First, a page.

The story is slow moving and very tamed, there is very little angst and not much sex (always a plus, the way I see it). It's about emotional recovery of an abused concubine, who lost not only his patrons, but also his friends simply by standing up to his abuser and taking him to court.
Inandre's new patron, Shapur, is kind and gentle, a man of age and of quite average looks and built. Yet he is exactly what Inandre needs. He stands by Inandre and defends him without fail and in the end seems to manage to coax the young man out of his shell.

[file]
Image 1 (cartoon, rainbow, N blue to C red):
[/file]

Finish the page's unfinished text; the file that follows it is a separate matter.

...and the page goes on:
I love the series, I can't help it. Maybe part of it is that's a nice change of pace after such books as [b:The Invisible Chains: Bonds of Hate|9316433|The Invisible Chains - Part 1 Bonds of Hate (Dark Tales of Randamor the Recluse, #1)|Andrew Ashling|https://d202m5krfqbpi5.cloudfront.net/books/1305909356s/9316433.jpg|14199581] or [b:Year of the Cat|6136769|Year of the Cat|Selah March|https://d202m5krfqbpi5.cloudfront.net/books/1232873971s/6136769.jpg|6315416].
I wish there was another book about Hanithi, after all, the boy deserves a nicer life and a better lover, too.